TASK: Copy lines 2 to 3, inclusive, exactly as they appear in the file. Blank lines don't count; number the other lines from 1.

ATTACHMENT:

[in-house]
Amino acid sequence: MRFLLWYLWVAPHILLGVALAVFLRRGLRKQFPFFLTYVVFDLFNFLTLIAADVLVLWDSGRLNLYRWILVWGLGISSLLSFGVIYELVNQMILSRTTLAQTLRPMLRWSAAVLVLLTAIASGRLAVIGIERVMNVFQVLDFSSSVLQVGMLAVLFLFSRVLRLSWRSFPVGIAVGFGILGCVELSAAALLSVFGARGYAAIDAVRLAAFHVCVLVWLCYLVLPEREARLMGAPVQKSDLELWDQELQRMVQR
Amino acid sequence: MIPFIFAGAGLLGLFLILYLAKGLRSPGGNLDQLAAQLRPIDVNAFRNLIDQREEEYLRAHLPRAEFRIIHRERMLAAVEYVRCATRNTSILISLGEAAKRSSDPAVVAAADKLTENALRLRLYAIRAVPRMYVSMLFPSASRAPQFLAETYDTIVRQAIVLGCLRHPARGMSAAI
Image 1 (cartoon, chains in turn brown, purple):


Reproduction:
Amino acid sequence: MRFLLWYLWVAPHILLGVALAVFLRRGLRKQFPFFLTYVVFDLFNFLTLIAADVLVLWDSGRLNLYRWILVWGLGISSLLSFGVIYELVNQMILSRTTLAQTLRPMLRWSAAVLVLLTAIASGRLAVIGIERVMNVFQVLDFSSSVLQVGMLAVLFLFSRVLRLSWRSFPVGIAVGFGILGCVELSAAALLSVFGARGYAAIDAVRLAAFHVCVLVWLCYLVLPEREARLMGAPVQKSDLELWDQELQRMVQR
Amino acid sequence: MIPFIFAGAGLLGLFLILYLAKGLRSPGGNLDQLAAQLRPIDVNAFRNLIDQREEEYLRAHLPRAEFRIIHRERMLAAVEYVRCATRNTSILISLGEAAKRSSDPAVVAAADKLTENALRLRLYAIRAVPRMYVSMLFPSASRAPQFLAETYDTIVRQAIVLGCLRHPARGMSAAI